Sleep and Mold
- What is Mold?
- Places Where Mold Can Grow in Your Home
- Can You Get Sick From Mold in Your House?
- Signs of Mold in Your Bedroom
- How Does Mold Get in Your Bedroom?
- Is It Safe to Sleep in a Room With Mold?
- Can Mold Cause Sleep Problems?
- Common Sleep Issues Associated With Mold
- How Do I Stop Mold From Growing in My Bedroom?
- Daily Mold Prevention Tips
- Annual Mold Prevention Tips
- Mattress-Specific Tips
- How to Remove Mold From Your Bedroom
- Additional Resources
The World Health Organization estimates that 10% to 50% of residential homes and commercial buildings have damp conditions. That means up to 50% of buildings worldwide could provide ripe environments for mold to grow and thrive.
Mold can slowly destroy your home and your belongings. If you have a mold allergy, you can expect uncomfortable symptoms like nasal congestion, watery eyes, and more. Plus, it’s just plain gross to look at.
Of all the rooms in your home, having mold in your bedroom is one of the most high-risk, simply due to the significant amount of time you spend in there asleep, exposing yourself to mold.
Whether you own or rent your home, it’s up to you to protect yourself from mold exposure by preventing mold growth and removing it promptly whenever you find it. Keep reading to learn more about mold, how to prevent and remove it from your bedroom, and how to recognize the symptoms of mold exposure so you can enjoy mold-free sleep.
What is Mold?
DEFINITION: Mold is a type of fungus. It can live outdoors or indoors, any time of year, as long as it has a damp, warm environment. All it needs to thrive is humidity.
Due to their high levels of moisture, bathrooms and basements are the most likely rooms in a home to harbor mold, but mold can grow anywhere – including your bedroom.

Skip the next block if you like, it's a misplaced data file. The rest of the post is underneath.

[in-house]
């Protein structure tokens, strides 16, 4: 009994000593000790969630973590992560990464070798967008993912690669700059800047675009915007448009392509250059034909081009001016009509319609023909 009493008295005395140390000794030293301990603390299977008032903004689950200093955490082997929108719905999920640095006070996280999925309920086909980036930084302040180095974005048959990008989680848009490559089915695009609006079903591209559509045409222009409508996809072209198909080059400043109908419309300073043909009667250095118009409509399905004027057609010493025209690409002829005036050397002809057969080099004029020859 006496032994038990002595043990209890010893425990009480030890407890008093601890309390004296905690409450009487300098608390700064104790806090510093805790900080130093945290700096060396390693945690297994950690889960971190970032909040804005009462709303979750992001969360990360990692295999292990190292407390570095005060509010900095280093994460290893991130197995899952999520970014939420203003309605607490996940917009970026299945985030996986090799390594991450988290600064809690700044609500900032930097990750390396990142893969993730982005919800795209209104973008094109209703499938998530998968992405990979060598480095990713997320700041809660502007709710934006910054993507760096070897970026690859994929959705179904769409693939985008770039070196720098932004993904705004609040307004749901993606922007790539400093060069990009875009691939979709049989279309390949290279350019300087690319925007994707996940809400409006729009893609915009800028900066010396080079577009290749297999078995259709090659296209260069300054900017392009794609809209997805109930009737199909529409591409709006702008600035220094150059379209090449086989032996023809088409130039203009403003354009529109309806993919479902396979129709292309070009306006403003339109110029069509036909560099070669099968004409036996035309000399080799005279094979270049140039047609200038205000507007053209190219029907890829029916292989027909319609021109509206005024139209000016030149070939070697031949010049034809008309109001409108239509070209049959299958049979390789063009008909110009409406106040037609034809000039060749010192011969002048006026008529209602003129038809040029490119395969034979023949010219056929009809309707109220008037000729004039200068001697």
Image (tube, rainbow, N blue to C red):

When mold reproduces, it forms spores that travel through the air, enabling mold to spread throughout the area. These spores can survive even when they’re in a dry area not conducive to growing mold. Once the area develops moisture, the mold will grow.
There are different kinds of mold, but the ones you’re most likely to encounter at home include Cladosporium, penicillium, aspergillus, Alternaria, and Stachybotrys chartarum.
Molds vary in appearance as well as where you’re most likely to find them. For instance, Stachybotrys chartarum is colloquially known as “black mold” based on its appearance. You’re most likely to spot it on paper or household surfaces that have collected dust or lint, or within the building materials, such as wood, gypsum board, or fiberboard.
Places Where Mold Can Grow in Your Home
- Shower stalls
- Under sinks or around plumbing
- Damp clothing
- Any area with high humidity, moisture, or water damage
In the natural world, mold serves a purpose, facilitating the decomposition of plant life like leaves and compost. When it enters our artificial world through our homes, it poses an issue. Mold exposure can be dangerous for humans and it can damage the areas or objects in your home where it grows.
Can You Get Sick From Mold in Your House?
The mold itself is not dangerous or toxic, although there are some types of mold that produce toxic mycotoxins, such as black mold. For most people, however, it is the mold allergy or sensitivity that leads to uncomfortable symptoms. Fortunately, these go away once the mold is removed.
It’s common for people to be allergic to mold, although reactions vary from mold to mold and person to person. If you have a mold allergy, you will start reacting as soon as you are exposed to the mold. People experiencing an allergic reaction may display any of the following symptoms:
What are the symptoms of mold exposure?
- Watery, itchy, or red eyes
- Wheezing, sneezing, or coughing
- Runny nose
- Skin rash
In some cases, the symptoms may be more severe. According to the Institute of Medicine, indoor mold exposure has been linked with:
- Upper respiratory tract issues, coughing and wheezing in otherwise healthy people
- Asthma attacks in people with asthma
- Hypersensitivity pneumonitis in people with compromised immune systems
A mold allergy can go from uncomfortable to dangerous for people with an already compromised immune system, such as infants and children, the elderly, and those with chronic lung disease, HIV, cancer, or liver disease. Currently, the CDC acknowledges that indoor mold exposure may be a risk factor for asthma in young children, but more research needs to be conducted for confirmation. Likewise, research is still inconclusive as to a possible link between black mold and acute idiopathic pulmonary hemorrhage among infants and memory loss.